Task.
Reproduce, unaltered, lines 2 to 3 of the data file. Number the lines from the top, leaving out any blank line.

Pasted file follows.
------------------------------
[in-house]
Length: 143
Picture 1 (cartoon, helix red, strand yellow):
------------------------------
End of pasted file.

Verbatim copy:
Length: 143
Picture 1 (cartoon, helix red, strand yellow):